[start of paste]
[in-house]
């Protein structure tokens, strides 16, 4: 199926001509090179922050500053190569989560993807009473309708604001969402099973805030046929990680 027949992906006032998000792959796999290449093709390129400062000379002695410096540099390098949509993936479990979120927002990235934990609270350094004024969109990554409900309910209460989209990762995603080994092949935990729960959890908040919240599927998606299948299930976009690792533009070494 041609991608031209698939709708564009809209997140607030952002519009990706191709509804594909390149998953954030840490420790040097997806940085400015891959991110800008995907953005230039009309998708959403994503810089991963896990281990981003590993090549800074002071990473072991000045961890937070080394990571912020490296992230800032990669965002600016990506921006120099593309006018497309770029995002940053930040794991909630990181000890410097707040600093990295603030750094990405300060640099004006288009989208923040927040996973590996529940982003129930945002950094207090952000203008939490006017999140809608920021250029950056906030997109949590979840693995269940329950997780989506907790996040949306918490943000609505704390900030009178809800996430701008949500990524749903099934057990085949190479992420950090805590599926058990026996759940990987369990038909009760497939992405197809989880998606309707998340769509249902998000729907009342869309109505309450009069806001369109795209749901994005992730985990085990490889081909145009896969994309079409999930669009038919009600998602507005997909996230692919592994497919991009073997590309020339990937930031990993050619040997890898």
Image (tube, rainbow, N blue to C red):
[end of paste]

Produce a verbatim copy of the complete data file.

[in-house]
């Protein structure tokens, strides 16, 4: 199926001509090179922050500053190569989560993807009473309708604001969402099973805030046929990680 027949992906006032998000792959796999290449093709390129400062000379002695410096540099390098949509993936479990979120927002990235934990609270350094004024969109990554409900309910209460989209990762995603080994092949935990729960959890908040919240599927998606299948299930976009690792533009070494 041609991608031209698939709708564009809209997140607030952002519009990706191709509804594909390149998953954030840490420790040097997806940085400015891959991110800008995907953005230039009309998708959403994503810089991963896990281990981003590993090549800074002071990473072991000045961890937070080394990571912020490296992230800032990669965002600016990506921006120099593309006018497309770029995002940053930040794991909630990181000890410097707040600093990295603030750094990405300060640099004006288009989208923040927040996973590996529940982003129930945002950094207090952000203008939490006017999140809608920021250029950056906030997109949590979840693995269940329950997780989506907790996040949306918490943000609505704390900030009178809800996430701008949500990524749903099934057990085949190479992420950090805590599926058990026996759940990987369990038909009760497939992405197809989880998606309707998340769509249902998000729907009342869309109505309450009069806001369109795209749901994005992730985990085990490889081909145009896969994309079409999930669009038919009600998602507005997909996230692919592994497919991009073997590309020339990937930031990993050619040997890898």
Image (tube, rainbow, N blue to C red):